The first deals with the city Beba was born and raised in, a very important Jewish center in Eastern Europe: Vilna, Poland (now Vilnius, Lithuania). Therefore, presenting the areas of the city that were important to her as well as to the Jewish community at large was an important part of the exhibition. One key aspect here was that the city was not destroyed like other European centers, but the Jewish buildings were either demolished or repurposed. Most importantly, the Jewish population that comprised almost half of the city’s population before World War II is mostly no longer there. So, if you visited Vilnius today, you would not find the world inhabited by Beba and its Jewish population. The solution we found was to create interactive 3D models of the city in the 1930s that display the buildings and people that are no longer there. We are not recreating a city that already exists but rebuilding the parts that are gone. Thus, you can take a stroll around streets that do not exist today, while also learning about important centers for Jewish life and its people. Instead of presenting just pictures and text, those are embedded into an immersive experience.
Another example is the detective game that presents Beba’s immigration process to the United States. Just like children’s detective books, there are scenes with clues and a question at the end. However, the audience cannot advance unless they answer the question correctly, mimicking an actual immigration process, where a person is stuck in a point until they can produce satisfactory evidence to advance to the next step. When the question is answered correctly, visitors receive more explanation about the issue at hand and can advance in their journey. This experience gets the point across to the audience more effectively than just presenting the documents that relate to her immigration process along with explanation texts. These are instead embedded in the experience of trying, being unable to move forward, and not knowing what hurdles might come next.
Alternatively, the section that deals with the Holocaust presents very sensitive personal experiences as well as complex historical context. For this, we decided that the best approach would be to focus on texts, pictures, and video testimonials divided into four parts that follow Beba’s experience during the war: the Soviet occupation of Vilna, living in hiding and then in the ghetto, concentration camps, and the final moments.
Fragmentation and Levels
We have covered popular activities on the web and how to make digital content engaging. But how do people engage with such content? What are exclusive online behaviors, and how do they differ from in-person engagement? These questions lead us to some widespread online behaviors, starting with the rabbit hole. The term originated from the book “Alice’s Adventures in Wonderland” by Lewis Carroll, where Alice follows a white rabbit down a hole and into a fantastical world. Today, however, the term is used to define a common behavior in contemporary culture. Writer Kathryn Schulz defined it in an article in the New Yorker magazine as “when we say that we fell down the rabbit hole, we seldom mean that we wound up somewhere psychedelically strange. We mean that we got interested in something to the point of distraction”. In the same article, the author categorizes the types of online rabbit holes: “one is iterative: you’re settling down to work when you suddenly remember that you meant to look up that flannel shirt you saw in a store but couldn’t find in your size, and the next thing you know, it’s two hours later and you have scrutinized two hundred and forty-five flannel shirts. Another is exhaustive: you go in search of a particular fact—say, when Shamu debuted at SeaWorld—and soon enough you are well on your way to compiling a definitive account of captive killer whales. A third is associative: you look up one thing, which leads to looking up something distantly related, which leads to looking up something even further afield, which—hey, cool Flickr set of Moroccan sheep. Thus I have gone from trying to remember the name of a Salinger short story (‘Last Day of the Last Furlough’) to looking up the etymology of ‘furlough’ (Dutch) to wondering whether it had any relationship to ‘furlong’ (no) to jogging my memory about the exact distance represented by that unit of measure (an eighth of a mile), to watching approximately every major horse race since the development of the movie camera” (Schulz).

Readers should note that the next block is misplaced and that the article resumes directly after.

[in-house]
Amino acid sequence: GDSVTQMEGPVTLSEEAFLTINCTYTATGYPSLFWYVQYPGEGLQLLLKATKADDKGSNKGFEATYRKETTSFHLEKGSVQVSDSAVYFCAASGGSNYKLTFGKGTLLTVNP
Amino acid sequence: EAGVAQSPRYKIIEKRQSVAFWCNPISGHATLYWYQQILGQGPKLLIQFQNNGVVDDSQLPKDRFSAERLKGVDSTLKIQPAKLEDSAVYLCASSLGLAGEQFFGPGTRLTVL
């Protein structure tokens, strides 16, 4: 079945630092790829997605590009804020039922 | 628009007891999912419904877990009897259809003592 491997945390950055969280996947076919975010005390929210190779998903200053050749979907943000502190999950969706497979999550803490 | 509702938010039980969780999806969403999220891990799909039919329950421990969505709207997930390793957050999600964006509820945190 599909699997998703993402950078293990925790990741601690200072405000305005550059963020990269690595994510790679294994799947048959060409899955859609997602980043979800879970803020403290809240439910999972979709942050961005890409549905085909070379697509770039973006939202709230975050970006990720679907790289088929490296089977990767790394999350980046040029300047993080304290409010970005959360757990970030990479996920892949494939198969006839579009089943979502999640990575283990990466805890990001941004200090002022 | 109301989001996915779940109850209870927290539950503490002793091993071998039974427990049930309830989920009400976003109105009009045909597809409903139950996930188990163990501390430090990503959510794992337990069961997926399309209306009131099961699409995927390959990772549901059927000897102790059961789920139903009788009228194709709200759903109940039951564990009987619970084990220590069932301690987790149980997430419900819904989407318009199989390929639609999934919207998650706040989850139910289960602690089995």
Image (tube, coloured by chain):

Some research also points to the finding that younger generations think differently because of internet engagement. The Millennials deal with a multitude of subjects at the same time, often starting in one and finishing in another (We All Want to Be Young). This means that they think in a fragmented manner, reflecting the language from the Internet.